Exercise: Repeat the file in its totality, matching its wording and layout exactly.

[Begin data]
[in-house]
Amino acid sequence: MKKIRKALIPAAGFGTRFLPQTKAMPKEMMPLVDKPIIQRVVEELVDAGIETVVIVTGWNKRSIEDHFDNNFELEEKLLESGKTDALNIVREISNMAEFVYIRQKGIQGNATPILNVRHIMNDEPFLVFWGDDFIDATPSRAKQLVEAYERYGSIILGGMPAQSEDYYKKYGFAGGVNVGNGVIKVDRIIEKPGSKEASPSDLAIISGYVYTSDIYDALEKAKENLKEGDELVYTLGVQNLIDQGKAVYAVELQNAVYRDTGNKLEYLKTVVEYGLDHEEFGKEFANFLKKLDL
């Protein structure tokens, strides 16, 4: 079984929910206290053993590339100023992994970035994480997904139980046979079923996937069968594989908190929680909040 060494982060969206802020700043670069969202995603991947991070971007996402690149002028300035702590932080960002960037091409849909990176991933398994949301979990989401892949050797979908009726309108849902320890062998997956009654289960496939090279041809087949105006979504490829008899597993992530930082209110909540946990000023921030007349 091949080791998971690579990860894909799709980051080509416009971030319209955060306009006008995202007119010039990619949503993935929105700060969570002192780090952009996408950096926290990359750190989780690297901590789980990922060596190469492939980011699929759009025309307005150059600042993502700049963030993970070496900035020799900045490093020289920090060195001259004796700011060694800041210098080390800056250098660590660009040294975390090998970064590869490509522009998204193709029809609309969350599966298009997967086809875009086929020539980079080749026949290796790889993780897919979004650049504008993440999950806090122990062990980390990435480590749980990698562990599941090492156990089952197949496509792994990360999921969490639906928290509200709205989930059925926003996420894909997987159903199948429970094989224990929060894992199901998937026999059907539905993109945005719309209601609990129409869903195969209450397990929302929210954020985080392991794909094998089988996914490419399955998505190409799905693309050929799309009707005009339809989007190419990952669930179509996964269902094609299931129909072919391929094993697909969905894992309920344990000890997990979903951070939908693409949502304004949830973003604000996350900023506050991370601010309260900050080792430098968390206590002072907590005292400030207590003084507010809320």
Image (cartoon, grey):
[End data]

[in-house]
Amino acid sequence: MKKIRKALIPAAGFGTRFLPQTKAMPKEMMPLVDKPIIQRVVEELVDAGIETVVIVTGWNKRSIEDHFDNNFELEEKLLESGKTDALNIVREISNMAEFVYIRQKGIQGNATPILNVRHIMNDEPFLVFWGDDFIDATPSRAKQLVEAYERYGSIILGGMPAQSEDYYKKYGFAGGVNVGNGVIKVDRIIEKPGSKEASPSDLAIISGYVYTSDIYDALEKAKENLKEGDELVYTLGVQNLIDQGKAVYAVELQNAVYRDTGNKLEYLKTVVEYGLDHEEFGKEFANFLKKLDL
């Protein structure tokens, strides 16, 4: 079984929910206290053993590339100023992994970035994480997904139980046979079923996937069968594989908190929680909040 060494982060969206802020700043670069969202995603991947991070971007996402690149002028300035702590932080960002960037091409849909990176991933398994949301979990989401892949050797979908009726309108849902320890062998997956009654289960496939090279041809087949105006979504490829008899597993992530930082209110909540946990000023921030007349 091949080791998971690579990860894909799709980051080509416009971030319209955060306009006008995202007119010039990619949503993935929105700060969570002192780090952009996408950096926290990359750190989780690297901590789980990922060596190469492939980011699929759009025309307005150059600042993502700049963030993970070496900035020799900045490093020289920090060195001259004796700011060694800041210098080390800056250098660590660009040294975390090998970064590869490509522009998204193709029809609309969350599966298009997967086809875009086929020539980079080749026949290796790889993780897919979004650049504008993440999950806090122990062990980390990435480590749980990698562990599941090492156990089952197949496509792994990360999921969490639906928290509200709205989930059925926003996420894909997987159903199948429970094989224990929060894992199901998937026999059907539905993109945005719309209601609990129409869903195969209450397990929302929210954020985080392991794909094998089988996914490419399955998505190409799905693309050929799309009707005009339809989007190419990952669930179509996964269902094609299931129909072919391929094993697909969905894992309920344990000890997990979903951070939908693409949502304004949830973003604000996350900023506050991370601010309260900050080792430098968390206590002072907590005292400030207590003084507010809320």
Image (cartoon, grey):